Tracking Habits and Behaviour

Over the years, I’ve read a few blog posts and books that recommend monitoring your behaviour as a way of promoting mindfulness and good habit formation, but I’ve never actually tried it.  Yes, it is some effort, but I think the main reason I hadn’t was my fear of seeing just how bad I was at sticking to anything.

Then, at the end of last year and the start of this year, two of my friends told me they had each been carrying out this kind of exercise, picking a handful of activities that they wanted to incorporate into their lives, and keeping track of how often they did them.  I decided to try it out, partly in solidarity with them and partly to just see if I could.

I’ve now been doing this for almost 3 months, and I’m glad I’ve done it, so thought I’d write a post on what I’ve learned from the process, in case it helps or inspires someone else.

You can do this as a public or private exercise.  I know some people who need to be held externally accountable, but for me, I was fearful of being one of those people who tells their entire facebook feed every time I go for a run, so chose to monitor it privately.

Next, you have to choose appropriate activities to monitor.  I chose 8 things that I want to do, that I don’t dislike doing, but that I don’t end up doing as often as I’d like.  Walking to work.  Going to the gym.  Flossing my teeth.  Not eating chocolate. Working on a blog post.  That sort of thing.

I found it important to have a realistic view of what I was aiming for.  I purposefully chose items that were digital – I had either done them or not.  I didn’t want to be in a situation of cheating – for example, doing something badly just to tick it off (working on a blog post is an exception).  But, I wasn’t going to get hung up about a couple of choc-chips in a cookie.  I also I didn’t need to achieve every item every day – just more than I would have otherwise done.  But for setting your goals, there isn’t a right or wrong answer – the main thing is that you’re happy with the goals you set, and you’re happy if you achieve them.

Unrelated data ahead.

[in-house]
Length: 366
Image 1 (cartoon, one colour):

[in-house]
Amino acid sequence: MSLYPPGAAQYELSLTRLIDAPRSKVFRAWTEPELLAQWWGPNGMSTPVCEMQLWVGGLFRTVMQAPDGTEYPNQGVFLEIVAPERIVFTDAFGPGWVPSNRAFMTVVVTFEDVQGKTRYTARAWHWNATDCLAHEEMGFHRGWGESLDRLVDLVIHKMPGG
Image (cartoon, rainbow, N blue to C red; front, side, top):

In terms of how I monitor it, I used a google spreadsheet, with the dates going down and the 8 items in columns.  This makes it really easy to update, and gives me a great view of my progress (which I found very helpful).

One of the main things I’ve gained from this exercise is an ability to be cope with the many times I don’t do something.  I’m able to keep them in proportion  – I can be honest about it, and can’t / don’t need to lie to myself about it, make false excuses, or feel guilty about it.  As a result, I’ve been able to look rationally at the times that I do and don’t achieve the goals, and understand any influencing factors.  For example, I’ve learned that if I come home late, if I don’t floss my teeth straight away, it probably isn’t going to happen.

And I have definitely done more of the good things than I would have otherwise done.  This is pleasing, obviously because the items are worthwhile in themselves, but also because it has also helped me develop self-efficacy – a general sense that I can do things I put my mind to – which is valuable throughout life.

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